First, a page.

Article by Glanz and her team receives honor from major nutrition journal

Karen Glanz, PhD, MPH

UPenn PRC Director Karen Glanz, MPH, PhD and her co-authors received the 2019 High-Impact Award from the Journal of Nutrition Education and Behavior (JNEB) for a highly cited paper published in 2016. The publication focuses on synthesizing the evidence about how researchers measure the presence of healthful food and beverage options are in food stores – an issue of growing public interest in efforts to promote healthy eating.

Read the paper here.

 

 

Glanz K., Johnson L., Yaroch A.L., Phillips M., Ayala G.X., Davis E.L.
Measures of Retail Food Store Environments and Sales: Review and Implications for Healthy Eating Initiatives J Nutr Educ Behav 2016; 48(3)

A call for answers for the ‘Three Identical Strangers’

UPenn PRC Director, Karen Glanz, MPH, PhD and Holly Fernandez Lynch of Penn’s Department of Medical Ethics and Health Policy, shine a light on the responsibilities of the research ethics community when it comes to deceptive experiments like the 1960’s study featured in Three Identical Strangers.

Read the article here.

The opinion piece was published in Stat News, just in time for the release of the documentary on CNN and a BAFTA nomination for the filmmakers. Penn News Today featured the article in their February 11, 2019 issue here.


Nominated for Best Documentary in 2019

Year in Review – 2018

As we begin the new year 2019, we’ve compiled some highlights of the past year at the UPenn Prevention Research Center.  Enjoy the video, and note some of our key accomplishments.

  • The University of Pennsylvania made great strides towards promoting the health of students and staff, both mentally and physically. We aim to continue to contribute to these efforts!

  • The UPenn PRC Director, Karen Glanz, spent 4 months on  a sabbatical at the University of Hawaii Cancer Center, where she became an expert voice in the debate over banning sunscreens with certain ingredients, thought to cause damage to coral reefs.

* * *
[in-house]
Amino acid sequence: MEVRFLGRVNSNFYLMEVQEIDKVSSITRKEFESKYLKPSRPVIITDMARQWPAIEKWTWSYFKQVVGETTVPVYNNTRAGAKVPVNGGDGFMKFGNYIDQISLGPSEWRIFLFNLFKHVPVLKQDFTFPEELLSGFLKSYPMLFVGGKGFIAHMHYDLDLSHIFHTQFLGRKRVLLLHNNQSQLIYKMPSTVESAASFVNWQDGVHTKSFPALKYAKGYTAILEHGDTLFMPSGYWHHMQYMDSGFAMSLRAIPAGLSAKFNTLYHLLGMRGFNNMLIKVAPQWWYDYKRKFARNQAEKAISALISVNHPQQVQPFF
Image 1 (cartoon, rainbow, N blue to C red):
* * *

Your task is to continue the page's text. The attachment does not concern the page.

• In November,  we explored the findings of tobacco control science research with experts from Penn and around the country. We saw broad acknowledgement of the epidemic of e-cigarette use, and learned more about the devices and the marketing of these products, and the policy options being considered.

We look forward to a healthy and productive 2019 and hope to help our community continue to advance chronic disease prevention for many healthy new years ahead!

 

Karen Glanz named Associate Director and Program Leader at the Abramson Cancer Center

Monday, November 26, 2018, Abramson Cancer Center director, Robert Vonderheide and deputy director, Katherine Nathanson announced the appointment of Karen Glanz, PhD, MPH as Associate Director for Community Engaged Research and Leader for the Cancer Control Program.

“Dr. Glanz is the George A. Weiss University Professor in the Perelman School of Medicine and the School of Nursing, as one of Penn’s distinguished Penn Integrates Knowledge (PIK) Professors. Dr. Glanz is director of the federally funded UPenn Prevention Research Center. Dr. Glanz is a behavioral scientist with public health expertise. Her basic and translational research in community and healthcare settings focuses on obesity, nutrition, and the built environment; reduction of health disparities; and novel health communication technologies. She has made important and sustained contributions to cancer prevention and control.  With more than 480 publications and designation as a Most Highly-Cited Author over the past 20 years (top 0.5% of authors in the field), Dr. Glanz’s scholarship has been consistently interdisciplinary and highly influential in advancing the science of understanding, predicting, and changing health-related behavior. Dr. Glanz is an elected member of the National Academy of Medicine, served on the US Task Force on Community Preventive Services for 10 years, and is a current member of the NHLBI Advisory Council.  Dr. Glanz has been a valued member of the Cancer Control Program at the ACC since 2009.”